Wednesday, April 24, 2013

Cool Tips Nobody Knows .@PicMonkeyApp

graphic of Cool TipsCool Tips Nobody Knows:
Yes, it’s a clean, minimalist interface. Yes, you can transform your photos with just a few clicks. Yes, it’s easy as all get-out to use. But we’ve got some hidden gems to tell you about; cool little tricks to make your photo editing better, stronger, faster.
  • Creating a straight line using the Draw tool: Hold down the shift key while you drag the pointer.
  • Aligning a horizon on a landscape shot: For a fun alternative to the “Straighten” slider in Rotate, drag the pointer across your image along the axis you want to straighten. PicMonkey magically straightens the whole shebang. This trick just might help you parallel park better, too, although we’re not sure how.
  • Changing the dimensions of an overlay or text: If you want to, say, stretch a speech bubble to make it wider, hold down the shift key while dragging the corner handle of the overlay. This will let you both resize it and change its shape. If you don’t like your changes, right-click and select “Original aspect ratio.”
  • Straightening an overlay or text: If you’ve added an overlay or text object and rotated it, you can straighten it by right-clicking on the object and choosing “straighten.”
  • Duplicating an overlay or text: Right-click and choose “duplicate.” This is useful if you’ve already customized your object (size, color, etc.) and want to make a copy of it.
  • Letting the Editor deduce all your editing choices:  The Monkey wants you to be able to do this by pressing your forehead against the screen but this one’s not ready for prime time yet. (And, ah … don’t hold your breath!)
  • Changing the background in PicMonkey: Click the “Presto-Change-o” button on the home page to get a background that’s wood panel, madras, linen, or 50’s-ish patterns. Who sez your photo editor can’t match your clothes, dolling?
  • Working with multiple overlays or text objects: You can control the layer order of an overlay or text object by right-clicking it and choosing “send to back,” “send backward,” “bring forward,” or “bring to front.” Sending to the back puts that layer in the bottommost position, whereas sending backward just shoves it back one more layer. Bringing to front puts the layer in the topmost position, whereas bringing it forward will pop it just one layer forward.
  • Proving your dope knowledge of kitsch: If you know where, in this article, the 70’s TV show “The Six Million Dollar Man” was referenced, give us a shout on Twitter @picmonkeyapp. Anyone…? Bueller… anyone?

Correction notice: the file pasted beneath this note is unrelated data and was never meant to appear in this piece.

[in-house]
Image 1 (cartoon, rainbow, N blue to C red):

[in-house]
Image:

• Making shadow text: Right-click on your text, and select “duplicate text.” Position the second layer close to the first, but offset a bit, and fade it back to about 70%.
  • Applying a texture or effect to all the layers of your photo: Click the merge button on the top toolbar before clicking on the effect or texture. The merge icon looks like a stack of papers with an arrow pointing down.
  • Using Mascara to do cool stuff having nothing to do with eyelashes: We’re stumped, but someone alluded to it once in Facebook. Please comment below if you know!
  • Part of a photo or text against an invisible background:  Open Collage, and create your own single cell layout. Click “Transparent background” and save it as a .png. Open this invisible image in the Editor, and add your text. To cut out part of a photo, click Overlays, and open the photo with the “Your Own” button on top of the menu, and click “Eraser” tab in the Overlay palette to erase away the parts you don’t want. Save your cut-out image or text as a .png file to preserve the transparency. Also see our watermark tutorial, “Claim Your Artistry.”
  • Positioning text over a watermark or subway art square: If you want to center or justify text left or right on top of a circumscribed area — say, an overlay, or one section of your overall image — make sure that the text box is stretched fully over that area so it knows the true borders to position within.
We are constantly amazed at all the tricksy ways PicMonkeyers are using our effects and tools in ways we hadn’t imagined, so please do let us know if you’ve got a good one.  Release the comments!

Filed under: How To Tagged: Quick Tips